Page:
There are currently 634 known species of spiders in Ohio. Dr. Richard Bradley with the Ohio State University is currently updating the list, which was last published in 1924. It will be interesting to hear about the changes that have taken place in the last century. Spiders can evoke a lot of fear. As soon as I mention spiders in a class, inevitably someone emotes something negative.
There are things that give me the heebie-jeebies but spiders aren’t one of them. I like spiders a lot! Spiders are common in summer months and I’d guess that most people see spiders on a daily basis. I’ll go touch on a few of my favorites.
If you’ve walked in a woodlot in Dublin you’ve probably walked through the Spined Micrathena’s web which is often stretched across open sections of paths. If you’re lucky enough to see the web before you walk through it, you’ll notice how tightly the web is woven; revealing that the spider goes after smaller insects. You might even see the pointy spider waiting on its prey. Supposedly, the spines on this spider deter predators.
The Black and Yellow Garden Spider is one of the more evident spiders in Ohio with the female growing quite large (up to 2 1/2 inches). She spins a vertical web with a zigzag pattern in the center and is extremely beneficial in gardens. Prey includes larger insects such as grasshoppers but also mosquitoes and types of flies.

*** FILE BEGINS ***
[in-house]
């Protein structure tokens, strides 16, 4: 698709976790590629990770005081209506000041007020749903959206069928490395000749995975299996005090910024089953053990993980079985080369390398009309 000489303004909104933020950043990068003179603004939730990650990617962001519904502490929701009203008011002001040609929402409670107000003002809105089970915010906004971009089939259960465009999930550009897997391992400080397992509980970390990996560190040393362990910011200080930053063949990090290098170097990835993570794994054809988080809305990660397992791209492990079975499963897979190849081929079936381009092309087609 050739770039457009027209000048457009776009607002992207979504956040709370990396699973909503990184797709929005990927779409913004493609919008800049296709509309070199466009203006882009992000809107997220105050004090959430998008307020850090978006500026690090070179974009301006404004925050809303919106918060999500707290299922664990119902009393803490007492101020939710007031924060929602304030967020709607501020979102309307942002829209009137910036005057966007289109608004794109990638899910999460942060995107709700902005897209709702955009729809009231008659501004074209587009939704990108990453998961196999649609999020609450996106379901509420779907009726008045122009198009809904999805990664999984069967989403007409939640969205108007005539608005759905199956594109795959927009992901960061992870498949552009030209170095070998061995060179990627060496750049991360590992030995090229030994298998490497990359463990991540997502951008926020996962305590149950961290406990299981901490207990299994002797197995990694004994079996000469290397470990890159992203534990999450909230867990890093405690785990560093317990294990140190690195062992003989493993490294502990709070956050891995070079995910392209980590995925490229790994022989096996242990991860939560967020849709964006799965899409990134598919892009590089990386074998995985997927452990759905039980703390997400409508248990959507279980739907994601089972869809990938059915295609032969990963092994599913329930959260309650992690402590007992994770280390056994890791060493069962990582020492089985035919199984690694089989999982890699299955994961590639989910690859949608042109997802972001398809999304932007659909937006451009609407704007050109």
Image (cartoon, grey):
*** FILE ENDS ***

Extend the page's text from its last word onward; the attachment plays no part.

Bold Jumping Spiders are common in and around our homes too. As far as spiders go, I think they’re cute. They rarely bite humans and are not aggressive, despite their tendency to jump towards things much larger than themselves. They’re incredible dancers too!
Lastly, I’ll mention my number one favorite, the Bolas Spider. This small spider is common in our backyards. It sits on a leaf, resting during the day and resembles bird droppings to deter predators. Gross huh? It also throws a thin web with a sticky ball on the end to capture its prey which is primarily moths. It attracts moths by producing pheromones which mimic those of female moths trying to attract a mate. This spider is most active after dark.
All but one of Ohio’s species has venom. However, only the Black Widow and Brown Recluse can cause serious harm to humans. Most bites are misdiagnosed due to persistent fear of spiders.
What neat things have you seen this summer? Any spider encounters?